- Radar van locations, traffic incidents & today's gas prices
- Live weather radar
- Judge nixes Barber request to count more CD2 ballots
- Blaze destroys Bisbee home on Thanksgiving
- Police & fire scanners
- Supes OK count as Barber alleges ballots improperly rejected10
- McSally gets freshman orientation in DC as recount looms7
- Undocumented woman marks 100 days in sanctuary in Tucson church6
- Judge denies McSally move, says to continue counting Pima ballots6
- McSally walks back plan to bar press from election party6
Updated Apr 14, 2012, 1:35 pm
Speaking in a country that has been ravaged by the narcotics trade for decades, President Barack Obama on Saturday told a forum of leaders from the Americas that legalization was not the answer to the drug war, according to The Associated Press.
Obama was participating in the meeting in Cartagena, Colombia, and the news agency says Latin America has seen growing calls for decriminalization as a way of ending the violence of the drug trade.
Mexican authorities revealed in January that nearly 50,000 people had died as a result of the drug war in that country since the government enlisted the army to combat narcotics cartels in 2006.
According to the AP, Obama said he was not opposed to the discussion of legalization but that he doubted any agreement could be reached to make this a reality.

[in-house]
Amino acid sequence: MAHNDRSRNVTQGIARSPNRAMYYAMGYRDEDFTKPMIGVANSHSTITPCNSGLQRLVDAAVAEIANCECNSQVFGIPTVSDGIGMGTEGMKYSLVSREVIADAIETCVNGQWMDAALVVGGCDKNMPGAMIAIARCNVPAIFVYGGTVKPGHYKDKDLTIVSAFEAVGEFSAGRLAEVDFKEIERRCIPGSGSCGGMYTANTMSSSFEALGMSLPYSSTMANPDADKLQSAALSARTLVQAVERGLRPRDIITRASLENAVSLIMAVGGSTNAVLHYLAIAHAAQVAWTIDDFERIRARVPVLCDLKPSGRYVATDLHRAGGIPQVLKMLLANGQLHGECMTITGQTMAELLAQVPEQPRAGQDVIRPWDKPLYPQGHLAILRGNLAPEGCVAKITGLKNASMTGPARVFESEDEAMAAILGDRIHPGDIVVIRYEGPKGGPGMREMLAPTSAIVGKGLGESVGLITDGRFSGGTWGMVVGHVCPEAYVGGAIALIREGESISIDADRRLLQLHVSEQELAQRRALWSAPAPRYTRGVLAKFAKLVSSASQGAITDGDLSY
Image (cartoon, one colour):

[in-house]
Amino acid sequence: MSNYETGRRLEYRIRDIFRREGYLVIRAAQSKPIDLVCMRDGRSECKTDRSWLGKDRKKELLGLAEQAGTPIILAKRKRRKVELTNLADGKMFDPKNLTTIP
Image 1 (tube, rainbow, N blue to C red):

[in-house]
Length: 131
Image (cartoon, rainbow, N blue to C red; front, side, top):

Instead, Obama reportedly said his preferred answer to drug crime was economic growth, strengthened rule of law and sound law enforcement, according to the news agency.
The Los Angeles Times reported Friday that Obama was likely to face a rocky reception in Cartagena as many were under pressure to find a way to stop the killing.
According to The Times, Colombian president Juan Manuel Santos was to ask the 33 leaders present at the summit to consider a regulatory scheme that would control the sale, use and possession of marijuana and perhaps even cocaine just as tobacco and alcohol are regulated.
"You haven't had this pressure from the region before," Michael Shifter, president of the Inter-American Dialogue, a think tank in Washington, was quoted by The times as saying. "I think the [Obama] administration is willing to entertain the discussion, but hoping it doesn't turn into a critique of the U.S. and put the U.S. on the defensive."